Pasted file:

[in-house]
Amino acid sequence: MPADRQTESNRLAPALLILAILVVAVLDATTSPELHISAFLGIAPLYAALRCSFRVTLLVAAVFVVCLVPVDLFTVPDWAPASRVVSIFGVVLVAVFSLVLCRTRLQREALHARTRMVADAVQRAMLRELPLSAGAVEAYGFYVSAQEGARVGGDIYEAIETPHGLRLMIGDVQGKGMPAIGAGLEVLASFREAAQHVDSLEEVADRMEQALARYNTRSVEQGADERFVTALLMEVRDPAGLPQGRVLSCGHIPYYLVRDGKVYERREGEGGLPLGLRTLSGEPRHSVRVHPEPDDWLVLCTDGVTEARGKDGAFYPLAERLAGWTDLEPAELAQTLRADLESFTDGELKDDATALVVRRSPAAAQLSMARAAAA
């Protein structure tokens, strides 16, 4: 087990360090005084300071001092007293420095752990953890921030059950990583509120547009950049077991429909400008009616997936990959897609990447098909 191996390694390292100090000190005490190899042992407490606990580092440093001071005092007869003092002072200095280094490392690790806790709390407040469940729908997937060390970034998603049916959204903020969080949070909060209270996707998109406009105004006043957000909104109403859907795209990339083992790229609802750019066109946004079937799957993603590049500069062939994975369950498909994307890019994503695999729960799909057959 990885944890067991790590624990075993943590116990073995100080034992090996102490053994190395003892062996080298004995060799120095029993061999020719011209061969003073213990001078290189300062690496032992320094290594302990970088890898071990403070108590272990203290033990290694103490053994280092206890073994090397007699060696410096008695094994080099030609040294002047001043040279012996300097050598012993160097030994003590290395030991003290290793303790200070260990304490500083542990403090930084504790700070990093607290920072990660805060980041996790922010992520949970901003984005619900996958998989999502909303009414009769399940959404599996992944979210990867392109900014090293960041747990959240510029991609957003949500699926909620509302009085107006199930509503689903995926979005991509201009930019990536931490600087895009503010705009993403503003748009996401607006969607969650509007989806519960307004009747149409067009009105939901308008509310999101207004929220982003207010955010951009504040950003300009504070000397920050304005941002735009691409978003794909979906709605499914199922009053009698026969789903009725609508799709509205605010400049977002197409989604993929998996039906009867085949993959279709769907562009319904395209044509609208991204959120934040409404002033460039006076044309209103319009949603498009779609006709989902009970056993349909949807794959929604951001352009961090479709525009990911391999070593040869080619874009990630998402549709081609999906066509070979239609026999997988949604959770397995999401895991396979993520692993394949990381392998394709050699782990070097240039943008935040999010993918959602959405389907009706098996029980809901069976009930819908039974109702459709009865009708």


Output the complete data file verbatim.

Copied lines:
[in-house]
Amino acid sequence: MPADRQTESNRLAPALLILAILVVAVLDATTSPELHISAFLGIAPLYAALRCSFRVTLLVAAVFVVCLVPVDLFTVPDWAPASRVVSIFGVVLVAVFSLVLCRTRLQREALHARTRMVADAVQRAMLRELPLSAGAVEAYGFYVSAQEGARVGGDIYEAIETPHGLRLMIGDVQGKGMPAIGAGLEVLASFREAAQHVDSLEEVADRMEQALARYNTRSVEQGADERFVTALLMEVRDPAGLPQGRVLSCGHIPYYLVRDGKVYERREGEGGLPLGLRTLSGEPRHSVRVHPEPDDWLVLCTDGVTEARGKDGAFYPLAERLAGWTDLEPAELAQTLRADLESFTDGELKDDATALVVRRSPAAAQLSMARAAAA
């Protein structure tokens, strides 16, 4: 087990360090005084300071001092007293420095752990953890921030059950990583509120547009950049077991429909400008009616997936990959897609990447098909 191996390694390292100090000190005490190899042992407490606990580092440093001071005092007869003092002072200095280094490392690790806790709390407040469940729908997937060390970034998603049916959204903020969080949070909060209270996707998109406009105004006043957000909104109403859907795209990339083992790229609802750019066109946004079937799957993603590049500069062939994975369950498909994307890019994503695999729960799909057959 990885944890067991790590624990075993943590116990073995100080034992090996102490053994190395003892062996080298004995060799120095029993061999020719011209061969003073213990001078290189300062690496032992320094290594302990970088890898071990403070108590272990203290033990290694103490053994280092206890073994090397007699060696410096008695094994080099030609040294002047001043040279012996300097050598012993160097030994003590290395030991003290290793303790200070260990304490500083542990403090930084504790700070990093607290920072990660805060980041996790922010992520949970901003984005619900996958998989999502909303009414009769399940959404599996992944979210990867392109900014090293960041747990959240510029991609957003949500699926909620509302009085107006199930509503689903995926979005991509201009930019990536931490600087895009503010705009993403503003748009996401607006969607969650509007989806519960307004009747149409067009009105939901308008509310999101207004929220982003207010955010951009504040950003300009504070000397920050304005941002735009691409978003794909979906709605499914199922009053009698026969789903009725609508799709509205605010400049977002197409989604993929998996039906009867085949993959279709769907562009319904395209044509609208991204959120934040409404002033460039006076044309209103319009949603498009779609006709989902009970056993349909949807794959929604951001352009961090479709525009990911391999070593040869080619874009990630998402549709081609999906066509070979239609026999997988949604959770397995999401895991396979993520692993394949990381392998394709050699782990070097240039943008935040999010993918959602959405389907009706098996029980809901069976009930819908039974109702459709009865009708």